China -  Chinese law firm

RMB Bond Issue

Q1. Why are so many foreign and Chinese companies accessing the RMB bond market?

A1. The main purposes are to seek fund projects, enhance liquidity and improve their working capital in China.

Q2. What is the Dim Sum bond market?

A2. Dim Sum bond market is the Hong Kong RMB bond market, and it is the first offshore2 market for Chinese currency investments and has increased significantly in the past few years.

Q3. What respect should be taken into consideration when issuing the RMB bond?

A3. Apart from the risks, the issuer should also consider the withholding tax and the offering circular liabilities.

Q4. What kinds of risk would likely occur during the issuing of the RMB bond? And what should be aware by the issuer?

A4. Currency risk and interest rate risk. An issuer should consider the source of RMB for the payment of interest and principal, as the offshore swap market may not have sufficient liquidity to accommodate large conversions, and the issuer should be aware of the regulation regarding bond issue in PRC, though there is no approval required in Hong Kong, and the change of global rate of interest.

Q5. What could the issuer do when it encounters the currency risk?

A5. An issuer could repatriate proceeds of an RMB bond issue by way of loan to its onshore subsidiary where the loan term and interest payments match those of the bonds. An issuer could use a combination of RMB dividends distributed by its onshore subsidiary and RMB obtained through cross-border trade settlement. The convertibility issue can also be addressed by a synthetic bond. The issuer is entitled to pay out in another currency if it is prevented from servicing the coupon or repaying the principal of its RMB bond issue due to specified events.

Q6. What is the regulation in China regarding the withholding tax of the RMB bond?

A6. For RMB bonds issued by Chinese companies, under the PRC Enterprise Income Tax Law and the PRC Individual Income Tax Law and implementation rules, an income tax is levied on payment of interest in respect of debt securities, including bonds sold by enterprises established within mainland China4 to non-resident enterprises (including Hong Kong enterprises) and non-resident individuals, (including Hong Kong resident individuals) resulting in an obligation on the issuer to withhold up to 10% on all interest payments. Therefore, the issuer is required to “gross-up” these payments so that the bondholders receive the full amount.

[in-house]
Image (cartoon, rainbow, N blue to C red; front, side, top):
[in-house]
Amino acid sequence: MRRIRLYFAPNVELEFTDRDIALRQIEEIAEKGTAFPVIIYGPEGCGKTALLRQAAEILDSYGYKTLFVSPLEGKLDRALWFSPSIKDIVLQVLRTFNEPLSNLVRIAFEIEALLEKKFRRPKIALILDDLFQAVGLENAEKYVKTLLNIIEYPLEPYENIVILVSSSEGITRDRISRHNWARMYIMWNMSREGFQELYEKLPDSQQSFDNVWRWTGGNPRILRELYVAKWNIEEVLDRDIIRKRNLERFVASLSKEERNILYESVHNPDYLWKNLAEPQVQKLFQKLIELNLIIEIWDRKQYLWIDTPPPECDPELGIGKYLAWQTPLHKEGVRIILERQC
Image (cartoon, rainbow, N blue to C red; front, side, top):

Q7. Who will be legally responsible for the accuracy and completeness of the offering circular?

A7. The issuer shall take all responsibilities and must dedicate the time and internal resources to ensure that the offering circular is properly prepared and accurate. Accordingly, the lead manager and the lawyers conduct due diligence in meetings with the issuer’s management, and the issuer’s auditors are asked to issue a comfort letter confirming all the financial information contained in the offering circular are correctly extracted from the issuer’s financial statements and internal records.

Q8. What could the issuer do when it does not have a strong enough credit rating (or indeed any international credit rating) to merit an unsecured bond issue?

A8. The issuer might be required to charge assets in favor of the trustee/bondholders, which are enforceable upon an event of default under the bonds. A detailed legal analysis on the legal rights to enforce security, and whether any governmental approvals are required to grant/enforce security, must be carried out as part of the due diligence process.


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